If the West wants to go in that direction, then that’s its own choice, said Putin. Russia won’t stop it, but “we are keeping out of it. … if someone likes this, let them do it. I have already mentioned that, in shaping our approaches, we will be guided by a healthy conservatism.”

It’s at this point that Putin’s speech revealed its true significance. Since the time of Peter the Great, Russia’s rulers have always viewed themselves as part of European culture. Politically, the nation has defended its independence, but, culturally, its leaders have always rejected the Slavophile idea that it needs to follow an independent path of development. This was true even under the communists, whose internationalism led them to see Russia as very much connected to the Western world – indeed, even to be in its vanguard.

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For the first time in three centuries, this has changed, and a Russian ruler has said to the West, “We’re not going where you’re going.” This isn’t per se a rejection of Europe, in that Putin and those like him portray themselves as defending the traditional values of Western Christian civilisation that Europe itself has abandoned. But in so far as the West has abandoned them, Russia, says Putin, won’t be following.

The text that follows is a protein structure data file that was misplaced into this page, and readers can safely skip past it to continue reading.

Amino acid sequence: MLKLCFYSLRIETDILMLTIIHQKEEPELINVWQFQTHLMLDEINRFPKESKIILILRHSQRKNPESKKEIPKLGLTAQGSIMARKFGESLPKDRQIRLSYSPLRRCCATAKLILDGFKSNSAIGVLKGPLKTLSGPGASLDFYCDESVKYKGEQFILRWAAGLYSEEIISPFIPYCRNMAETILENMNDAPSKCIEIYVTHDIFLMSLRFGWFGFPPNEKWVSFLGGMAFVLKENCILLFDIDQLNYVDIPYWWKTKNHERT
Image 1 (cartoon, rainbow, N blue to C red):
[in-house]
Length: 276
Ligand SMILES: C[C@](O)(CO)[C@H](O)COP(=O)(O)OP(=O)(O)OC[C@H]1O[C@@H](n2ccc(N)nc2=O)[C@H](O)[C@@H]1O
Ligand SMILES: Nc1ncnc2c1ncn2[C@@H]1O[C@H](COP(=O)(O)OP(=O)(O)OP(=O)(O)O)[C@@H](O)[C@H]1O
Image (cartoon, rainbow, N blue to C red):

There’s no guarantee that Putin can put his finger in the dyke and hold back the waters of modern Western culture. Contemporary identity politics didn’t come out of nowhere. There are powerful economic, social and cultural forces behind them, and their ideas have significant appeal. The Russian dyke may collapse, and future historians may compare Putin to King Canute attempting to hold back the tide.

Still, the timing of Putin’s speech represents a potential turning point at which the process of Westernisation begun by Peter the Great finally comes to an end, and Russia and the West branch off into separate civilisations. We are certainly not there yet, and may indeed never be. But perhaps for the first time in centuries, the idea that Russia and the West might diverge, not converge, has moved beyond the realm of abstract theory into that of real possibility. Should it come to pass, the political consequences will be immense.

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The statements, views and opinions expressed in this column are solely those of the author and do not necessarily represent those of RT.